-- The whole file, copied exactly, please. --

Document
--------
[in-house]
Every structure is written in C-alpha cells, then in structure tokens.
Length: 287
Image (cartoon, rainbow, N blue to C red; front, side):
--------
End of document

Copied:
[in-house]
Every structure is written in C-alpha cells, then in structure tokens.
Length: 287
Image (cartoon, rainbow, N blue to C red; front, side):